We’ll have examples on that. But I can see how to do that. But what happens if we sell, you know, one of the assets that had this differential on it, so now we got property, plant and equipment, that that has a book value for the subsidiary that they’re tracking it at. And then whenever we consolidate it, we’re going to increase the value because there was a difference. So it’s a differential and then we got to allocate the depreciation based on that differential and then what happens when we sell the assets, the assets, you know, the property, plant and equipment Well, the part of the differential needs needs to be taken off the investment account on the investees books. So obviously, we’re gonna have to account for that, you know, as we sell that particular part of the depreciable assets, so we’re gonna have to track that on the subsidiary, schedule for the property, plant and equipment, and note which asset was sold and all that kind of stuff. The investors share of the gain or loss also needs to be adjusted to represent that the investor paid more for its proportionate share of the asset. So in other words, the book when you when the thing is sold, when the property plant and equipment is sold by the subsidiary, they’re gonna record the sale and the related accumulated depreciation for it and the related gain or loss to that. But when we when we think about the consolidation, when we think about you know, then we got to think well, it was actually the you know, the value of the asset was actually more so then we got to take into consideration that as well as the differential and the accumulated depreciation and then adjust The the the sale so you can imagine this taking place right? You could say okay, what what you might have to do is say I say okay this is what happened this is similar thing that happens for tax preparation when you have to two sets of depreciable tables depreciate in two different ways you might say, this is how the subsidiary recorded the sale, you know, they took the investment off the books, they took the accumulated depreciation off the books and then have the gain, you might just reverse that entirely and then reflect and then just re record the asset as if it was at the cost that that’s being reflected after the fair value and the related depreciation based on that that calculation now and then recalculate you know the gain on it at that point okay. Equity method with differential So, remember the equity method means that the parents company is representing this the subsidiary using the equity method. So they got one line item that basically it represents their equity in interest in the subsidiary. And so they’re tracking their equity interest in the subsidiary meaning. For example, here we go, the parent records their share of the subsidiaries income.
So what happens first on the on the equity method, they’re going to put the the investment on the books that whatever they paid for it. So that means they’re putting it on the books at a fair value value method. And then the parent records their share of the subsidiary income. So the subsidiary has net income. And what happens is the parent company is going to record their share if they own 100%, for example, they’ll they’ll increase their investment by the subsidiaries net income, so the parent records their share of the subsidiaries dividends, so then the subsidiary gives dividends. You can imagine a situation where the parent owns 100% of the subsidiary, in which case all the dividends would go to the parent and the dividends that the parent then receives would be decreasing the the account record in the subsidiary interest In the assets section of the parents books, that’s normal equity method accounting. But now we have the parents should also record an adjustment for differences in the subsidiary book value and fair market value. So in other words, note that the subsidiary is going to have their net income based on the book values, which will include things like the depreciation expense will be part of that. But now we’re saying hey, if if if we know that the property plant and equipment is now of a higher value, we know that their depreciation is going to be under depreciated because it’s not being based on the full value of the fair value that we’re going to need upon consolidation. Therefore, the parents should take into consideration the added in that example depreciation related to it and then record their equity method, accounting with regards to that to that change that that’s going to take place on consolidation. Now, you might see some problems where that doesn’t happen. Like you could see a parent company basically doing this normal Equity method, which might be kind of kind of an easier thing to do, if you saw that, and then within the consolidation process, then you’d have to account for that you’d have to say,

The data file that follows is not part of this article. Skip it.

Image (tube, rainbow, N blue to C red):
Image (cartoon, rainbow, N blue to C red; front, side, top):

Okay, now I’m gonna, you know, account for the fair market value, we’ll see this in practice problems, but take in the equity method with regards to this differential to include it, this should include it, which means a little bit more complication in the calculation of the equity method, meaning you can’t just record the subsidiaries, your portion of the subsidiaries net income, which if you own 100%, you just record 100%, you’d have to then take their net income adjusted for these differentials such as depreciation expense, if that was one of the differentials that took place and the fair value of the book versus fair value at the point of purchase. And you’d have to take that into consideration when you’re recording the equity method. So in other words, again, you could see this like from a from a logistics standpoint, you would think that a company could, you know, basically use the equity method doing this Normal equity method and then wait to do kind of this component at the consolidation process that would be kind of an easier thing you know to do. But but to do the full equity method including this item they should be, they should be taken into consideration that differential value and basically tacking on this adjusting entry to, you know the equity method. journal entry